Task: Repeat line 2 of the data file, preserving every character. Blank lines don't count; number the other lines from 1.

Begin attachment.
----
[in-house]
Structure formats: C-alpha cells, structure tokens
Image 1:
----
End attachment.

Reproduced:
Structure formats: C-alpha cells, structure tokens